The first time you do anything, you’re bound to do it poorly. The first time I shot football, I thought a 1/200 s shutter speed would be perfectly fine to stop action. The first time I shot portraits, I thought my f/1.6 photos were perfectly sharp (they were not even close). And the first time I flew a drone was a catastrophe worse than both of those experiences.
What you see in the photo above is what’s left of my DJI Mavic Mini drone after its first day of use last week. I figured learning a new skill would be a good use of time in quarantine and finally took the plunge. After successfully taking off in my backyard and moving a few meters forward above an empty parking lot, I took a series of shots of my neighborhood to stitch together into a panoramic photo of the ghost town the shopping plazas had become during this global pandemic. The photo captured what I had been aiming for, albeit the one picture has basically cost me $400.
On the way back down, I watched as the drone hovered pretty close to a tree branch about 60 feet in the air. I stopped and then pushed the joystick in the direction that I thought would be away from the tree. However, in what was clearly a rookie mistake, I forgot that the controls of the drone are reversed when the aircraft is facing away from me versus when it’s facing towards me. Into the tree my Mavic Mini went. I heard the rotors struggle to fight the branch, then give up. Gravity took over, and the Mini’s tiny frame dropped to the ground, along with my hopes and dreams of aerial photography.
It did not even have a half-hour of flight time under its belt. The camera was still broadcasting to the DJI Fly app, and so, I was easily able to find the Mavic Mini’s mangled body in my neighbor’s backyard.
I was devastated. It appears the steep drop onto concrete ripped off a motor arm and destroyed the gimbal and some parts of propellers, though all of the electronic functions of the craft still appeared to work.
I spent the next couple of days in a gloomy fog over my mistake. My son made it a point to tell everyone he spoke to on video chats that his dad was sad about breaking his drone. I’m sure the grandparents had no idea what he was talking about.
I emailed DJI, and while friendly, the customer service rep did not realize their service center was not accepting repairs for now, what with a global pandemic and all. I only realized after I diligently followed his instructions to set up a repair and received a message about a service stoppage due to COVID-19. I checked with all local drone repair shops and was out of luck there, too. YouTube tutorials on self-repair involved a lot of soldering and ripping apart of the body I wouldn't be comfortable with, in case I ended up screwing up the repair and having the drone drop out of the sky and onto another human being.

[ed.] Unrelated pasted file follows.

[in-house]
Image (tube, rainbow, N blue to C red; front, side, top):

While it would have been nice if I had the DJI’s Care Refresh plan on the drone for a discounted replacement, it appears that circumstances mean I’m out of luck in any case for a while. (Update: Over the weekend, I got a UPS shipping label from DJI, so it appears that, while slower, repairs are still happening, thankfully) It's a shame, because in my short time with it, I was able to express my creativity in ways I've never been able to before.
I see now why pilots go through such miraculous lengths to catch their drones as they fall from the sky. Watching hundreds or thousands of dollars turn to scrap in seconds is a real gut-punch.
If I had the chance to do the first drone experience, there are a few things I've learned after the fact that might help readers considering a first drone purchase:
- Consider a drone with some sort of obstacle avoidance. The model up the line from the Mini is the Mavic Air, and that has forward, backward, and downward-facing sensors to avoid hitting things. Of course, the even more expensive Mavic 2 Pro and Zoom have the same. It might not have helped in this case, as this was definitely a side-impact situation, but certainly would in some others. It's probably worth the extra money if it prevents you from having a crash in the first place.
- Purchase insurance. For $39, I could have purchased Care Refresh from DJI, and a replacement or repair through that program would be significantly less than the (at a minimum) $250 expense I'm looking at to replace this drone.
- Don't forget the educational discount. I found out after the fact that DJI offers discounts for students and faculty at universities, and that would have brought the higher-priced Mavic Air down to almost what the Mini cost. Always worth a look with any gear you're planning to buy.
- Practice, practice, practice. Like a kid taking his first steps, I tried to run before I could walk, and I ended up falling flat on my face. I should have watched a few more videos and done some more reading before taking on anything more complicated than a short hover in the backyard. A drone is not a learn-as-you-go tool.
The lesson learned here is one that I have always imparted to my photography students but is still a bit hard to swallow: You will suck the first time you photograph something. It’s why I tell them when they turn in an assignment to make sure it’s at least the second time they’ve photographed said thing.
In my case, I perhaps should have taken a less ambitious flight on my first go-round and practiced a bit more. A poor photograph will bruise the ego, but a busted drone bruises the wallet. This was an expensive mistake.
Do you have an epic drone crash story to share? Do you have any drone safety tips for first-time fliers? Feel free to share in the comments below.